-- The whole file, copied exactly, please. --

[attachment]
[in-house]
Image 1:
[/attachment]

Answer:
[in-house]
Image 1: